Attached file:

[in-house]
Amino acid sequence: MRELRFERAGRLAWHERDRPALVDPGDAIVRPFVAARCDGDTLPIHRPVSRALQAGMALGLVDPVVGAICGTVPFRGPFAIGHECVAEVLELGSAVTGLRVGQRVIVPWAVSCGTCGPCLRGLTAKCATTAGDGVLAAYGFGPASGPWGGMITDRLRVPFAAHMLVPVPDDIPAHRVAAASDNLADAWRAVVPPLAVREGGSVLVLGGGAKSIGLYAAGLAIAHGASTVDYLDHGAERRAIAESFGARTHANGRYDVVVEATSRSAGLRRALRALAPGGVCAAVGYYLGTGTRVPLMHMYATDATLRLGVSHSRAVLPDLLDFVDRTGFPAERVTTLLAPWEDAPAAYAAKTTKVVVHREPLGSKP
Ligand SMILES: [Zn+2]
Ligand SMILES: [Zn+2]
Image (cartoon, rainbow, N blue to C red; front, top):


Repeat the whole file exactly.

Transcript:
[in-house]
Amino acid sequence: MRELRFERAGRLAWHERDRPALVDPGDAIVRPFVAARCDGDTLPIHRPVSRALQAGMALGLVDPVVGAICGTVPFRGPFAIGHECVAEVLELGSAVTGLRVGQRVIVPWAVSCGTCGPCLRGLTAKCATTAGDGVLAAYGFGPASGPWGGMITDRLRVPFAAHMLVPVPDDIPAHRVAAASDNLADAWRAVVPPLAVREGGSVLVLGGGAKSIGLYAAGLAIAHGASTVDYLDHGAERRAIAESFGARTHANGRYDVVVEATSRSAGLRRALRALAPGGVCAAVGYYLGTGTRVPLMHMYATDATLRLGVSHSRAVLPDLLDFVDRTGFPAERVTTLLAPWEDAPAAYAAKTTKVVVHREPLGSKP
Ligand SMILES: [Zn+2]
Ligand SMILES: [Zn+2]
Image (cartoon, rainbow, N blue to C red; front, top):